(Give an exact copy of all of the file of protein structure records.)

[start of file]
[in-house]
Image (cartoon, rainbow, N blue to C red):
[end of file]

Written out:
[in-house]
Image (cartoon, rainbow, N blue to C red):